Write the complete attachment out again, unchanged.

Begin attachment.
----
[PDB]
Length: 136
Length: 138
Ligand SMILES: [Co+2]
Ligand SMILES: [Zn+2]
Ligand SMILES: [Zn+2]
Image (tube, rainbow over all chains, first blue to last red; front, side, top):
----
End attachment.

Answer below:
[PDB]
Length: 136
Length: 138
Ligand SMILES: [Co+2]
Ligand SMILES: [Zn+2]
Ligand SMILES: [Zn+2]
Image (tube, rainbow over all chains, first blue to last red; front, side, top):